Running head: UNDERWATER EXCAVATION 1
UNDERWATER EXCAVATION 7
Excavation is the process or the act of digging. This is mostly done in archaeology when something important and specific is being removed from the underground. The origin of the word excavation is a Latin word “excavationem” which means hollowing out. The word excavationem is made up of two parts “ex” which means out and cavare which means to hollow out. There are many methods of excavation; however, in this paper, only underwater excavation method is discussed. Understanding the definition of Underwater Excavation is only the surface. You will have to dive deeper to recognize underwater excavation more fully. Some concepts which help in understanding underwater excavation is Importance of Under Water Excavation Method, Challenges of Underwater Excavation, Underwater Excavation Site Survey.
Importance of Under Water Excavation Method
The main aim of carrying out underwater excavation is to carry out research, study, restore, preserve and examine the submerged archaeological wealth (Nautical & Bowens, 2009). This archaeological wealth includes all sorts of harbor works, edifice, fortifications, cities among others that due to geological changes sank into deep water bodies such as oceans and seas. During underwater excavation, an archaeologist can observe submerged wealth, such as warships, fishing vessels that sank with their luggage. The luggage of the submerged wrecked water-body vessels may contain an item of everyday use belonging to persons who were involved in the accident. The submerged wealth may include big jars containing salted fish, sarcophagi, architectural elements, wine amphorae and work of art transported from one place to another. For example, the great works of art that explain to a certain degree the forces that embellished foreign museum and Greek were the Getty Museum USA, the bronze of Race, the jockey, and the Poseidon from Cape Artemision.
Underwater excavation is a difficult task since the specialists and scientists will have to work in an extreme environment deep down in the sea. This is quite a dangerous task. Although the first law to protect underwater excavation or submarine activities was proposed in 1834, the bill was not adequately enforced. Even though underwater excavation is a dangerous task, the profession is highly paid, and people still go for the job. The lowest amount that a sunken excavator could be paid was thirty thousand dollars in a year.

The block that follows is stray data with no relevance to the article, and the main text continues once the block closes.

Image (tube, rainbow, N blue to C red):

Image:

Challenges of Underwater Excavation
There are many challenges related to underwater extraction. The first challenge is that the underwater site is inevitably cumbersome to navigate and access. The sites are more toxic as compared to working on dry land. To access underwater excavation sites, diving skills and diving vessels are required. The length of time that a diver can spend under the water is limited. Moreover, the depth that a diver can dive is also limited. This makes underwater excavation an expensive endeavor. In case of deep depths that a diver cannot jump, specialized equipment such as submarine vessels and remote sensing equipment are required. In underwater excavation, people mainly work from ships or boats. However, the work also requires offshore activities. Nevertheless, underwater excavation is an activity that is plagued by logistic problems. A working station for underwater excavation needs to be appropriately equipped for air delivery. The working platform needs to be provided with a variety of items: accommodation for workers, medical and repression facilities, support for activities being taken underwater, analysis of archaeological results, specialized remote sensing equipment, storage supplies and facilitates. Airlift and water dredge create additional logistic issues and hazards. Also, the marine site is often accompanied by strong tidal flow and poor weather which may make the site inaccessible for some time. Moreover, some marine animals pose health threats (Nautical & Bowens, 2009).
The underwater excavation sites are also dynamic, that is, they are subject to tidal flows, storm damage, surf and movement by the currents. The progressive state of underwater excavation may make in-situ conservation of the site infeasible. Marine piddocks may consume exposed organic matter such as wood from shipwreck. The marine structure may be unexpectedly buried by sediments or uncovered. The uncovered structures may be eroded making it difficult for the archaeologists to achieve their objectives. The underwater site is often chemically active, in that, an iron can be leached from the metal to form concretion, and the residue metal is a fragile structure that needs special care.